Table of contents |
2 Construction for two vector spaces 3 Construction for arbitrarily many modules 4 Properties 5 Internal direct sums 6 Direct sum of Hilbert spaces |
The article direct sum of groups contains more specific implications of the direct sum in the group theory sense.
Suppose V and W are vector spaces over the field K. We can turn the cartesian product V × W into a vector space over K by defining the operations componentwise:
The subspace V × {0} of V (+) W is isomorphic to V and is often identified with V; similar for {0} × W and W. With this identification, it is true that every element of V (+) W can be written in one and only one way as the sum of an element of V and an element of W. The dimension of V (+) W is equal to the sum of the dimensions of V and W.
The direct sum can also be defined for abelian groups and for modules over arbitrary rings. Note that abelian groups are modules over the ring Z of integers, and vector spaces are modules over fields. So we only need to consider the case of modules in the sequel.
Assume R is some ring, I some set, and for every i in I we are given a left R-module M_{i}. The direct sum of these modules is then defined to be the set of all functions α with domain I such that α(i) ∈ M_{i} for all i ∈ I and α(i) = 0 for all but finitely many indices i.
Two such functions α and β can be added by writing (α + β)(i) = α(i) + β(i) for all i (note that this is again zero for all but finitely many indices), and such a function can be multiplied with an element r from R by writing (rα)(i) = r(α(i)) for all i. In this way, the direct sum becomes a left R module. We denote it by (+)_{'\'i∈I} M_{}i''.
If the M_{i} are actually vector spaces, then the dimension of the direct sum is equal to the sum of the dimensions of the M_{i}. The same is true for the rank of abelian groups and the length of modules.
Every vector space over the field K is isomorphic to a direct sum of sufficiently many copies of K, so in a sense only these direct sums have to be considered. This is not true for modules over arbitrary rings.
The tensor product distributes over direct sums in the following sense: if N is some right R-module, then the direct sum of the tensor products of N with M_{i} (which are abelian groups) is naturally isomorphic to the tensor product of N with the direct sum of the M_{i}. Direct sums are also commutative and associative, meaning that it doesn't matter in which order one forms the direct sum.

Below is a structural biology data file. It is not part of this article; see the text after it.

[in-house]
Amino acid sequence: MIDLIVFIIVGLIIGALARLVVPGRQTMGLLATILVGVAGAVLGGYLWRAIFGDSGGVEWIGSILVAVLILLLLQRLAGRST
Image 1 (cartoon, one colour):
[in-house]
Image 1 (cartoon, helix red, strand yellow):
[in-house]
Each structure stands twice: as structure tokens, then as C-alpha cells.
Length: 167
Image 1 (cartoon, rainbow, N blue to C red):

The group of R-linear homomorphisms from the direct sum to some left R-module L is naturally isomorphic to the direct product of the groups of R-linear homomorphisms from M_{i} to L.
In the language of category theory, the direct product is a coproduct and hence a colimit in the category of left R-modules, which means that it is characterized by the following universal property. For every i in I, consider the natural embedding j_{i} : M_{i} -> Oplus_{i∈I} M_{i} which sends the elements of M_{i} to those functions which are zero for all arguments but i. If f_{i} : M_{i} -> M are arbitrary R-linear maps for every i, then there exists precisely one R-linear map f : Oplus_{i∈I} M_{i} -> M such that f o j_{i} = f_{i} for all i.
Suppose M is some R-module, and M_{i} is a submodule of M for every i in I. If every x in M can be written in one and only one way as a sum of finitely many elements of the M_{i}, then we say that M is the internal direct sum of the submodules M_{i}. In this case, M is naturally isomorphic to the (external) direct sum of the M_{i} as defined above.
If infinitely many Hilbert spaces H_{i} for i in I are given, we can carry out the same construction; notice that when defining the inner product, only finitely many summands will be non-zero. However, the result will only be an inner product space and it won't be complete. We then define the direct sum of the Hilbert spaces H_{i} to be the completion of this inner product space.
Alternatively and equivalently, one can define the direct sum of the Hilbert spaces H_{i} as the space of all functions α with domain I, such that α(i) is an element of H_{i} for every i in I and
Every Hilbert space is isomorphic to a direct sum of sufficiently many copies of the base field (either R or C).